I skipped the second half as it contained stories of Jeeves (which I've already read) and Reggie Pepper (which I mean to read in chronological order). But the first half has a couple of perfectly charming tales, classic Wodehouse with a little romance, a little mischief, and plenty of legitimately chortling belly-laughs. The title story is a rarity with ol' PG trying not to be funny but instead giving us a quite serviceable murder mystery if one likes that sort of thing (which I do). But then it ...more
Karenbike Patterson
This is a collection of random stories: a murder mystery, a few Jeeves stories and some Reggie Pepper stories. The Jeeves stories are the best and the others seem to drift.
Kate  K. F.
This is a rather odd book, because the first two stories are mysteries that feel as if they're trying to be Agatha Christie or Dorothy Sayers. There's an element of suspense and realizing secrets while the others are two Jeeves and Wooster stories and two Reggie Pepper ones. Those feel more like what I think of in terms of Wodehouse with comments on class and ever so slightly stupid rich men trying to figure out what to do. I'm glad to have read these stories but I think next time, I'll aim for ...more
Sherry Wolfe
Jun 04, 2015 rated it really liked it  ·  review of another edition
I really enjoyed this book. I enjoy having short books to read during the week when I don't have much time so this was perfect. I honestly guessed who did it at the very beginning but that's because I've watched and read thousands of mysteries. I didn't guess how he did it though and that was quite interesting. if you're a murder mystery fan and just need a quick read, this is a great book.
Cydni Perkins
I must not have known there was only one brief short story left in this book when I set it aside ages ago. I picked it up again last night and read the last story, a silly and fun comedy in the author's very British style, and I enjoyed it. But when I look back, the book just isn't very memorable. The only story I remember at all is the titular one, which was really rather clever. I could probably take or leave this one. On to the next.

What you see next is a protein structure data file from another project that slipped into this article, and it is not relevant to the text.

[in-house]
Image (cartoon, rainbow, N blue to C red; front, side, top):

Mar 12, 2013 rated it really liked it  ·  review of another edition
This collection is a real oddity in the Wodehousean universe. It's a collection of dark tales -- actual murder and mayhem -- from the pen of Our Comic Genius. It's the same expert writing, but curiously gentle: the form of the macabre without really getting nasty. Evil lite, but interesting because it is the work of a comic genius.
Rollie Reid
This is a good collection of short stories, most with the usual Wodehouse charm. There are two Wooster and Jeeves stories and a couple of Reggie Pepper stories. The titular story is one of the ones that is not in the usual vein. Unfortunately, it doesn't really work as a mystery story. It is not the best story in the collection.
I did not much like the first three narratives in this collection, but the last half of the book (especially the two Jeeves and Wooster short stories) made up for the slow start and made me conclude that the book deserved three stars.

The title story, Death at the Excelsior, made me sort of glad Wodehouse gave up on crime fiction early on (it's the first short story in the book).
Mar 06, 2012 rated it really liked it  ·  review of another edition
Shelves: wodehouse
This is a collection of Wodehouse's short stories put together by Project Gutenburg. Some of them, including two about Bertie Wooster and Jeeves, have been published in other collections, however Death at the Excelsior was the first Wodehouse story in the 'detective' genre that I have read. It was interesting to see him trying his hand at something else.